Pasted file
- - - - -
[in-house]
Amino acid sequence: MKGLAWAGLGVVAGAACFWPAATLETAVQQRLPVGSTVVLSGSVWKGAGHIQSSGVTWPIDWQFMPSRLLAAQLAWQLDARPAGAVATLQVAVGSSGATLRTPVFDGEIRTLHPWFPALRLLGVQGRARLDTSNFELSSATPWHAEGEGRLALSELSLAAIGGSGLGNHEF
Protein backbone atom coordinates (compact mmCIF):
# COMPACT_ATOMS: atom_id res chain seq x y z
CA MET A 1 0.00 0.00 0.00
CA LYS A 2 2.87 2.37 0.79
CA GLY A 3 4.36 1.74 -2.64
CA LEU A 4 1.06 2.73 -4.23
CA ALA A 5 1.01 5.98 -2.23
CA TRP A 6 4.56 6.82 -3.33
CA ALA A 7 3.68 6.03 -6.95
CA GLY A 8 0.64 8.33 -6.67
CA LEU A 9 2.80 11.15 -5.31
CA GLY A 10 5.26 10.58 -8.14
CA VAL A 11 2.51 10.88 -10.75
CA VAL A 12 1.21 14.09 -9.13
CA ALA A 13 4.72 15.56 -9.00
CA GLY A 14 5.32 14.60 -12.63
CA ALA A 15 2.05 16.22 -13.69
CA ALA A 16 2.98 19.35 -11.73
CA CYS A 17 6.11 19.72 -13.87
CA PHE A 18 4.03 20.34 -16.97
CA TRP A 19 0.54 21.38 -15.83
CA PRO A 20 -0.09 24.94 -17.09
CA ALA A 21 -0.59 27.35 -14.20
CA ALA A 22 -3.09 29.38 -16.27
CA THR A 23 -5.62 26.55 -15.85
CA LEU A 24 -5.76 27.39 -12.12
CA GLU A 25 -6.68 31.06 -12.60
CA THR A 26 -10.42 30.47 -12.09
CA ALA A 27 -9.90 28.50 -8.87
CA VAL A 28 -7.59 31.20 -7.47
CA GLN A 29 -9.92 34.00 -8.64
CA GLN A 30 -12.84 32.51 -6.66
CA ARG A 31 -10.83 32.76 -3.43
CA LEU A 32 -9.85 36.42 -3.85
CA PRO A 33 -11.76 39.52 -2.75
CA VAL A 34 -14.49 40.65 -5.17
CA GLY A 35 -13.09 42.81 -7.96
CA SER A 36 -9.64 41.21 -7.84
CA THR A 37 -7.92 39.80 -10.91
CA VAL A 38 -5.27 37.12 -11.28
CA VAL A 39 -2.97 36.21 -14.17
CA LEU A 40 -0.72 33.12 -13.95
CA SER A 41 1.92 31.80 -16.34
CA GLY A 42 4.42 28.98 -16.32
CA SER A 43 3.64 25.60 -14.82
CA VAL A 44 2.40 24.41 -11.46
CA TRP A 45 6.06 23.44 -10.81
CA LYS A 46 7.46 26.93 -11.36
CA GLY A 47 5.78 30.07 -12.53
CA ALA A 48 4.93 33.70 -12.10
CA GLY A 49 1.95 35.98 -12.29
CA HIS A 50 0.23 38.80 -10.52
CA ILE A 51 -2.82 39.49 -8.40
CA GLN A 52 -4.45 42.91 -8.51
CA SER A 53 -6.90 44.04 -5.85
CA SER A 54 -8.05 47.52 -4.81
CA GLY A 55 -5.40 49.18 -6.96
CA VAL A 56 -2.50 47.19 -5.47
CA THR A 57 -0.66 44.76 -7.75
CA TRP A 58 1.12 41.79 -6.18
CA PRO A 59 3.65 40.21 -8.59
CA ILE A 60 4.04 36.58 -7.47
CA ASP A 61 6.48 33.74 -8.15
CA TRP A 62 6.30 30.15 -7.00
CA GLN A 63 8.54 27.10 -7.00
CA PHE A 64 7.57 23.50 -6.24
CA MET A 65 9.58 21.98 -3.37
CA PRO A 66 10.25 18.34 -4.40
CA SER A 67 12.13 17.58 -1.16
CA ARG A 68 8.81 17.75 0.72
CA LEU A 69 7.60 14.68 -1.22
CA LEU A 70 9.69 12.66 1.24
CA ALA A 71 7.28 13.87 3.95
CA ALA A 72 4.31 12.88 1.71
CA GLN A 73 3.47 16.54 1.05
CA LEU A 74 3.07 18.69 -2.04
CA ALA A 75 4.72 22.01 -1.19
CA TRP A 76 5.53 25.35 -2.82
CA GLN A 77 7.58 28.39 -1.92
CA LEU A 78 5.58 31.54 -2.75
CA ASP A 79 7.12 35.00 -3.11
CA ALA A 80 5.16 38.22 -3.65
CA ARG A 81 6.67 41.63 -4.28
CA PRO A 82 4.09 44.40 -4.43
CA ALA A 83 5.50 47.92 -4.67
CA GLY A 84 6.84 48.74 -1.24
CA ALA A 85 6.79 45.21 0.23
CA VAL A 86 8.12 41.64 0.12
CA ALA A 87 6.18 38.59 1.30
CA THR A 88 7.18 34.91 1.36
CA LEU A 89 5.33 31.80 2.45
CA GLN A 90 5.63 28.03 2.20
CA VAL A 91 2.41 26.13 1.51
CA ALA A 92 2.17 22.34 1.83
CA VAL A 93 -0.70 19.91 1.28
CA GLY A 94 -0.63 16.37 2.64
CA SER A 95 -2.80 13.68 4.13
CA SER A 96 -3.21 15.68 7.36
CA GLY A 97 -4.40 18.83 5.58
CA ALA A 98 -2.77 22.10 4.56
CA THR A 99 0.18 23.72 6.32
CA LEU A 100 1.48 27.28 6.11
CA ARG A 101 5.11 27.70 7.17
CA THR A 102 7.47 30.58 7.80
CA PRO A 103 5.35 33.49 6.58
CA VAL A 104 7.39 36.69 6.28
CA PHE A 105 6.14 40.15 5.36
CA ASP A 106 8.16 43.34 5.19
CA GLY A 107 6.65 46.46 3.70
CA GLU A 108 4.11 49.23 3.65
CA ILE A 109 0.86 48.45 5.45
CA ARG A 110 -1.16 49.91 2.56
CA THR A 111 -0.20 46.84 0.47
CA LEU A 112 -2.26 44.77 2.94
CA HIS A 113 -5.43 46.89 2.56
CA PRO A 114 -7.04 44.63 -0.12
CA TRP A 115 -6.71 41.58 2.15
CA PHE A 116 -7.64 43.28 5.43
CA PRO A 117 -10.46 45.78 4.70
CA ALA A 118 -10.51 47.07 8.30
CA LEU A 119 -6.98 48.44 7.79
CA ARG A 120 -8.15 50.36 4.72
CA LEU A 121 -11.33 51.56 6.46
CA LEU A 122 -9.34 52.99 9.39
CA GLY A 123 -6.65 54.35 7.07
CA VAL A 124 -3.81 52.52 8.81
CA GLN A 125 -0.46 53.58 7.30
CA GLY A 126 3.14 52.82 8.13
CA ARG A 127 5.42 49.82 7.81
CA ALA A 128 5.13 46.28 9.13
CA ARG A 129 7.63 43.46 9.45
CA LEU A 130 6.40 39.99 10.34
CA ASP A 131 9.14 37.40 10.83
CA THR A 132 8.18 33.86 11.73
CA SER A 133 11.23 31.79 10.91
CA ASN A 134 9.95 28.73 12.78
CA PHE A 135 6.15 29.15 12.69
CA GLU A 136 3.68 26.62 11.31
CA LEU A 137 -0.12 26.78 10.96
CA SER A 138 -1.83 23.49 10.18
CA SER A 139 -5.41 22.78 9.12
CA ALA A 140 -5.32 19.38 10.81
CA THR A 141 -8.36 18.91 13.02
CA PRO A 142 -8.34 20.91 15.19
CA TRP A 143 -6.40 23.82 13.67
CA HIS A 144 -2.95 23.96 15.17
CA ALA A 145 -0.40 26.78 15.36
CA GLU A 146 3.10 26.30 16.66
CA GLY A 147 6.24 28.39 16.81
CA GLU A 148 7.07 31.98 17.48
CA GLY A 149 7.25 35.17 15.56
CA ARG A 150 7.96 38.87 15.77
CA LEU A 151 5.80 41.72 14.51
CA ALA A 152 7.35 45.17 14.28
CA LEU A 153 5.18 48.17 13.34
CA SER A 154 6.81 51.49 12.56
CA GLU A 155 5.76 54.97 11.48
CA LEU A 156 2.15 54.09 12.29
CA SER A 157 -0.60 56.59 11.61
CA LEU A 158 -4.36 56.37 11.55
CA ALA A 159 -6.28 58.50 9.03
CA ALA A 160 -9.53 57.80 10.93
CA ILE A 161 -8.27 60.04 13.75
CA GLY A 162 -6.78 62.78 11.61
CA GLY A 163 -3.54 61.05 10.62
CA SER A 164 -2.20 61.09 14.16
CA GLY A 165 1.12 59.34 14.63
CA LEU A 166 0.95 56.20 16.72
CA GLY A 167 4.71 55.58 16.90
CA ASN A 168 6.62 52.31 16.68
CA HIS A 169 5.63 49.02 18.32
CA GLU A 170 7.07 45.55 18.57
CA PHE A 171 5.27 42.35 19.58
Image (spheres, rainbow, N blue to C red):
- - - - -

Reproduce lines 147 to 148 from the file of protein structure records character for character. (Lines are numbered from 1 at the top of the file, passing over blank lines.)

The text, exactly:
CA TRP A 143 -6.40 23.82 13.67
CA HIS A 144 -2.95 23.96 15.17